And what I hope will happen is that when he takes office, I hope that the PRI will try to cooperate with him, will try to work with him, will give him a chance to succeed, because one of the problems that a new President faces, if your party has never been in power, or if your party has been out of power a very long time—that even happens here sometimes; we faced some of those challenges when I came in—is, you have to put together a team that not only is smart and knowledgeable on policy but also can figure out how to work through the political culture of a country, in this case Mexico’s political culture, which has never before had a President of another party.

So I would hope that since Mexico has one-term Presidencies, the PRI has nothing to lose by helping Mr. Fox succeed and giving him a chance to do good for Mexico. If he makes a mistake, he’ll have to live with the consequences, like we all do. But I think that America has a big interest in the success of Mexico, and I think the PRI will rise in the esteem of the public if they are seen to be a constructive force there. So this will be an interesting test for them because they’ve never been like this before, either. I like Mexico’s chances for the future. I think they’re—I, personally, believe their biggest problem is the same thing Columbia is facing but on a smaller scale. The narcotraffickers have so much loose money to throw around in countries that are poor, and have so much power to throw around in communities and areas where the power structure is weak, that that’s a real test for Mexico and its democracy.

But it’s basically, I think, Mexico is moving in the right direction and deserves a lot of the world’s applause for what’s happened there.

Immigration

Mr. Diaz-Balart. In interviews with "Esta Manana," both Governor Bush and Vice President Gore have said that a lot needs to be done as far as how INS handles the Mexicans who try to reach this country for a better life for themselves and for their family. They both have said that they failed to—there’s not enough, maybe, human respect towards families that are divided, people who are sent back without any kind of sensitivity towards their cases. Would you agree with that?

The President. Oh, yes. I think there are several problems with the INS. But I think, first, there’s the whole issue of how we deal with controlling our borders and immigrants that come here without legal sanction. And then there’s the question of how we handle those who are eligible for naturalization and how long they have to wait and how they’re treated while they’re waiting.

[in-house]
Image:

The Vice President headed up a task force for us back in ’96 to try to dramatically speed the naturalization process, and we did—you remember we did a project in Miami and in several other cities. We got an enormous amount of criticism from the Congress, I think, because they thought that immigrants would be more likely to be Democratic voters, although one of the reasons we did it in Miami was because, as you know, Cuban-American voters normally tend to vote for Republicans for President. And we wanted to demonstrate that we weren’t trying to be partisan. What we wanted to do was to make the INS work better, for people who were eligible for naturalization.

Now, for people who are trying to get in the country, it’s a genuine dilemma, because every nation has to have some control over its borders and some limits on immigration. And if you ignore those entirely, with regard to Mexico, because of our long history and the culture of the Rio Grande Valley and all of that you know very well, then you’re sort of really hurting those people that wait their turn in line.

So I think what we need is a little better treatment. We need to review the quota. We need to make sure that people are treated right, and then we need to examine whether or not we need to do more on the family unification front. As you know, that’s one of things we’re fighting for in the Latino immigrant fairness legislation before Congress now, is trying to do a little more on family reunification, because it seems to me that America ought to be a pro-family country. We ought to let people be together, and that’s another reason I’m fighting for the Liberians, too. You may be familiar with that case and the Liberian immigrants.